After calculating the takeoff vector matrices, inverter block 234 calculates P, Sv and Sh amplitude profiles and residuals. To do this, inverter block 234 uses a far field, point source approximation to calculate the theoretical P, Sv and Sh amplitude profiles. If n is the matrix of unit vectors loaded as the solution grid, and l is an identical matrix, then n is identified by inverter block 234 as the matrix of unit normal components of possible failure planes, while l is identified as the matrix containing the slip vector components. All possible combinations of the row vectors of n and l are used, together with the r, p, and q matrices described above, to calculate normalized P, Sv, and Sh profiles. The relevant equations used for these calculations are shown below.
If u_{p }is the normalized P displacement, then
Similarly, if u_{Sv }is the normalized Sv displacement, then
u_{Sv}=k[(n∘p)(l∘r)+(n∘r)(l∘p)]
and if u_{Sh }is the normalized Sh displacement, then
u_{Sh}=k[(n∘q)(l∘r)+(n∘r)(l∘q)]
where k is the P/S velocity ratio in the formation containing the source, and the operator ( . . . ∘ . . . ) indicates the inner product of two vectors.
The absolute values of the theoretical amplitude ratio profiles are computed from these equations and expressed in decibel units. The corresponding Sv/Sh sign profiles are calculated by taking the signs of the u_{Sv}/u_{Sh }ratios.
The mean differences between the observed and predicted profiles are calculated for every possible solution and the average of the amplitude ratio mean values is used to characterize the residual for a particular solution.
The calculations performed in step 904 result in a universe containing m^{4 }possible solutions. In step 906, inverter block 234 applies three sequentially applied constraints to search for the “most likely” solution(s). By applying the dilatancy constraint, this restricts the search to a subset of weakly dilatant shear failures. Application of the residual constraint to this subset finds those solutions whose amplitude ratio profiles closely approximate the experimentally determined amplitude ratio profiles. Application of the Sv/Sh sign profile constraint eliminates socalled “image” solutions from the remainder of possible solutions. “Image” solutions appear in the solution population because the polarity of the Sv/P and Sh/P amplitude ratios is difficult to determine in practice. It is therefore ignored in the calculation of the experimental and theoretical amplitude ratio profiles. The polarity of the Sv/Sh ratio is easier to determine and is therefore used to remedy this situation.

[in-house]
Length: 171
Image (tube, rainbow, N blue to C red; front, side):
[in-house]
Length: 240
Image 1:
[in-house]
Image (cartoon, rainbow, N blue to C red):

The resultant “constrained” subset contains an even number of possible solutions. This phenomenon occurs because the calculations of theoretical P, Sv and Sh amplitudes, using the equations found in step 904, are unchanged by the exchange in the positions of n and l. Consequently, duplicate solutions appear in the “constrained” subset. The duplicate solutions are found by calculating the vector product of the unit vector pairs characterizing each solution; then calculating the inner products of all possible solution vector products to find inversely aligned pairs. The final “constrained” solution subset is then created by the retention of one element from each inversely aligned pair and its identification with a particular pair of solution vectors.
After finding the solutions in step 906, inverter block 236 resolves the order ambiguity problem and calculates scalar moments (step 908). The “order ambiguity” problem is graphically depicted in FIG. 10. Inverter block 234 returns unordered pairs of vectors, that at this stage in the processing, are identified for example as [v1,v2]. At this point in the source mechanics estimation process, there are four possible configurations of the unordered pair of vectors returned by inverter block 234 that are equally likely solutions. The two possible solutions in the first column of

 the microseismic failure can, to a first order, be considered twodimensional;
 the seismically determined hydraulic fracture azimuth is approximately parallel to either the maximum or the intermediate principal stress azimuth; and
 the vertical principal stress is not the minimum principal stress.
A method for the partial resolution of the order ambiguity problem is implied by these assumptions. The twodimensional assumption implies that the failure planes of the microseismic events will be optimally aligned with respect to the local stress regime induced by the hydraulic fracturing treatment. The remaining two assumptions specify the expected alignment of the principal stress axes. A remaining issue is to identify the failure mode, since it will determine the relative magnitudes of the effective principal stresses. Inverter block 234 implements the steps described below to identify the failure mode.